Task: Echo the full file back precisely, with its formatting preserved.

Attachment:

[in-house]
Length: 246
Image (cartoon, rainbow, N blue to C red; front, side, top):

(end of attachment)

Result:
[in-house]
Length: 246
Image (cartoon, rainbow, N blue to C red; front, side, top):